Prime Minister Benjamin Netanyahu reassured his Likud faction Monday that the central West Bank Bedouin hamlet of Khan al-Ahmar will be razed “very soon.”
But as was the case last week, when Netanyahu told his cabinet that the Palestinian village would be demolished “very soon” and that preparations were underway, the prime minister refused to place an exact time on the operation.
A defense official who spoke with The Times of Israel following Netanyahu’s Monday remarks said that no plans were currently in the works to flatten the village, which is home to roughly 180 people.
The High Court of Justice ruled in May to allow the state to move forward with its plans to demolish Khan al-Ahmar, which was established illegally without building permits.
Last month, Netanyahu’s office announced that the planned evacuation would be delayed indefinitely amid new talks between the government and the ramshackle village’s residents. The delay drew angry responses from both Likud and Jewish Home lawmakers, who have demanded the clearing of the hamlet, which would make way for the expansion of the neighboring Kfar Adumim settlement.
The decision to delay came after Attorney General Avichai Mandelblit warned ministers that a forced evacuation of Khan al-Ahmar could compromise the Israeli position vis-a-vis Palestinian claims against the Jewish state at the International Criminal Court.
Despite the stated goal of the delay, Khan al-Ahmar villagers have said that government officials have yet to propose an alternative plan on which they might negotiate. Then-defense minister Avigdor Liberman’s office said earlier this month that the state would not negotiate with the hamlet’s attorney because he was salaried by the Palestinian Authority. The lawyer, Tawfiq Jabareen has since resigned from his posting, but no progress has been made in the talks.
In an effort to salvage their village, the residents have submitted a master plan to the Civil Administration and they are demanding that it be reviewed prior to the demolition. However, an official in the Defense Ministry body that authorizes West Bank construction said that the ruling from the High Court was the final say on the matter.
Netanyahu and other ministers have asserted both before and after the October delay that the demolition is not a matter of if, but when.
The bulldozing of Khan al-Ahmar had appeared imminent last month, when police called activists to warn them against carrying out “illegal” activities during the razing of the hamlet.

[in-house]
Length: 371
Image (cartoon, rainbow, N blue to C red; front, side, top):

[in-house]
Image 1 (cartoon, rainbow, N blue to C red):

Already in September, the Civil Administration warned residents that if they did not pack up their things and demolish all structures by October 1, Israeli authorities would do so for them.
Attorneys representing the villagers filed several appeals, attempting to cancel or at least delay the razing. In September, the High Court rejected what was believed to be a final appeal from Khan al-Ahmar residents, ahead of the flattening of the hamlet and transfer of its residents several miles east near the Palestinian town of Abu Dis — a move that has drawn international condemnation of Israel.
That relocation site is hooked up to water, electricity and sewage and has a school to replace the current Italian-funded institution, which constructed from of falafel oil and mud-caked tires and has become a symbol for the village.
But residents have vehemently opposed moving there, saying that they were never consulted, the location is unsuitable for their rural way of life and is next to a garbage dump, and residents of Abu Dis have warned them to stay away.
They have similarly been uninterested in a second relocation site proposed to them by the state two months ago adjacent to the nearby settlement of Mitzpe Jericho as well as to a sewage treatment facility.
The villagers — who have lived at the site, then controlled by Jordan, since the 1950s, after the state evicted them from their Negev homes — argue that they had little alternative but to build without Israeli construction permits, as such permits are almost never issued to Palestinians for building in parts of the West Bank, such as where Khan al-Ahmar lies, where Israel exerts full control over civilian affairs.
Opponents of the demolition also argue that it is part of an effort to enable the expansion of the nearby settlement of Kfar Adumim, and to create a region of Israeli control from Jerusalem almost to the Dead Sea, a move critics say will bisect the West Bank, making a contiguous Palestinian state impossible.
Israel argues that the village was built illegally and its homes are dangerously close to a highway, and emphasizes that the demolition has been approved by the country’s independent courts.